US 'helped Russia cover up Second World War Katyn Forest massacre'

'Potentially explosive' declassified documents reveal that the Roosevelt administration knew of the Soviet atrocity

The US deliberately helped Russia cover up one of its most infamous Second World War atrocities to gain favour with Stalin, new documents suggest.

More than 22,000 captured Polish officers and other prisoners were systematically murdered in the Katyn forest on the western edge of Russia in 1940.

Three years later American prisoners of war sent secret coded messages to Washington with news of the massacre after seeing rows of corpses in an advanced state of decay in the forest, proof that the killers could not have been the Nazis who had only recently occupied the area.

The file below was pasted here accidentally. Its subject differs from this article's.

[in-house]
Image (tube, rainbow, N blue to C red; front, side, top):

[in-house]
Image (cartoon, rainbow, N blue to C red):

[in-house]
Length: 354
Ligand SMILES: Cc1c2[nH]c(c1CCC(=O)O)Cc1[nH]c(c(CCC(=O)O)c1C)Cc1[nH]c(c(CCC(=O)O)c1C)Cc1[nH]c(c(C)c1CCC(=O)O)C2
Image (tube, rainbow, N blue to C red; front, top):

Their testimony might have lessened the tragic fate that befell Poland under the Soviets, some scholars believe. Instead, it mysteriously vanished into the heart of American power. The long-held suspicion is that President Franklin Delano Roosevelt did not want to anger Russian leader Josef Stalin, an ally whom the Americans were counting on to defeat Germany and Japan during the war.

Documents now released lend weight to the belief that suppression within the highest levels of the US government helped cover up Soviet guilt.

The evidence is among about 1,000 pages of newly declassified documents that the United States National Archives is releasing and putting online. Historians who saw the material days before the official release described it as important and shared some highlights.